Gay and lesbian singles are now permitted to find same-sex matches on the popular dating website ChristianMingle.com following a controversial California court ruling.
According to the Wall Street Journal, a gay couple filed a lawsuit against Spark Networks, which owns ChristianMingle, back in 2013, alleging that site "arbitrarily and intentionally" excluded gay and lesbian people, which was a violation of California's civil rights acts that requires businesses to provide equal services regardless of sexual orientation."
According to the terms approved by a state judge on Monday, Spark Networks will have to change searching and profile features on its websites to include gay and lesbian singles within two years, as well as pay $9,000 each to the two plaintiffs and reimburse them for attorney's fees with $450,000. The settlement applies also to CatholicMingle.com, AdventistSinglesConnection.com and BlackSingles.com.
"Spark will not change the gateway/home pages to use the 'man seeking woman' and 'woman seeking man' prompts in the future unless Spark also provide similar prompts which allow individuals seeking a same sex match to enter and use the sites without having to state that they are seeking a match with someone of the opposite sex. As long as Spark operates the Mingle Sites, users will continue to have the ability to search for potential same sex matches using the site's text searching and profile building functions," the settlement reads.
Previously, same-sex Christian couples couldn't be matched through ChristianMingle, the "the largest and most trusted Christian dating site," in the world, because members were unable to register as gay in the first place. On its website, ChristianMingle call itself the "premier destination for anyone looking to date and marry within the Christian faith."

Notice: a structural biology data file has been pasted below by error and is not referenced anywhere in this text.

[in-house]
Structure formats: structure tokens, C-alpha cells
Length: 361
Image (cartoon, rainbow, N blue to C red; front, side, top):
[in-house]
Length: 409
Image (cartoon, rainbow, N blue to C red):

WSJ noted that on Thursday, a change had already taken place on ChristianMingle.com. When someone makes their first visit to the site's homepage now, rather than being asked whether they're a "man seeking woman" or a "woman seeking man," they're merely asked for their gender.
Plaintiff's attorney Vineet Dubey praised the decision, stating, "I am gratified that we were able to work with Spark to help ensure that people can fully participate in all the diverse market places that make our country so special, regardless of their sexual orientation."
However, the move has been criticized by many in the faith-based community, and an editorial in the Libertarian Republic slammed the California law, saying the state has gone "full authoritarian" in restricting religious freedom.
"More and more, government has been restricting business owners' freedom of choice and actions, wrote author Darrell England. "The government is demanding strict obedience from business owners at the expense of their own individual freedoms. Now government interference extends to telling the businesses who their customers must be and what services they must provide? My hope is that American voters will soon see the value in electing representatives that promote individual liberties as their platform."